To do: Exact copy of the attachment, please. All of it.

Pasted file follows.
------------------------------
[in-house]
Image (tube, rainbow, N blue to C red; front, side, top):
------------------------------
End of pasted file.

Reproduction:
[in-house]
Image (tube, rainbow, N blue to C red; front, side, top):